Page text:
Posted 04 October 2023
Interview by Frankie Faccion
Mention Mohammed Ubaidah

Motion designer Mohammed Ubaidah on finding meaning and opportunity in rejection

As a 2020 graduate, Mohammed Ubaidah’s earliest experiences of the industry involved a whole lot of rejection emails. Among them was a response to his application for a junior role with Stink Studios, which is when things took a brighter turn, as the company suggested he apply to their internship. He went on to land the position and impressed them so much that he eventually became a full-time employee, and he was promoted within a year. Since then, he’s been working with social media agency Born Social, where his career has continued to flourish. Here, he reflects on his tricky beginnings, shares his admirable take on rejection, and tells us his learnings on growing workplace confidence as a newbie.

Mohammed Ubaidah

Mohammed Ubaidah

Job Title

Motion Designer, Born Social



Selected Clients

Google, Meta, Instagram, Revolut, Spotify, Hyperscience, Peloton, Ford

Previous Employment

Motion Designer, Stink Studios, March 2021–December 2022

Place of Study

BA Motion Graphics, Ravensbourne University, 2017–2020


Social Media


What I do

How would you describe what you did at Born Social?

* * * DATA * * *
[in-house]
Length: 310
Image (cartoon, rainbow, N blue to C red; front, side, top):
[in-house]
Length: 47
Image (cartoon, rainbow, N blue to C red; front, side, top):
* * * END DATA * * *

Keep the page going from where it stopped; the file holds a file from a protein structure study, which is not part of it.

As a motion designer at Born Social, my role is to bring social assets for the Ford account to life in an engaging way. I work alongside two incredibly talented motion designers, and together we craft motion pieces that elevate Ford's social media presence. It's a collaborative effort that involves working closely with senior designers, social media managers and account managers.

What I love most about my work is the creative journey we take on as a team. We dive into multiple moodboards, storyboards and other references to explore different ideas and possibilities. This collaborative process allows us to deliver motion design pieces that truly showcase Ford's brand identity.

Through well made animations, compelling visual storytelling and engaging aesthetics, we aim to create pieces that capture the audience's attention and leave a lasting impression. It's an exciting and dynamic process that allows us to tap into our creativity and create the best pieces of work.

The Born Social website

What are the main influences and inspirations behind your work?
The main inspiration behind my work comes from a curiosity to understand why things look good and how they can come alive through motion.